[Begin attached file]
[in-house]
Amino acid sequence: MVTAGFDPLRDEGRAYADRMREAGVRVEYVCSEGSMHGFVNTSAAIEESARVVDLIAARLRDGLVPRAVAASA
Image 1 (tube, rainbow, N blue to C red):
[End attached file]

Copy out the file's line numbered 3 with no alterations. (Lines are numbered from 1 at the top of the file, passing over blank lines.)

Image 1 (tube, rainbow, N blue to C red):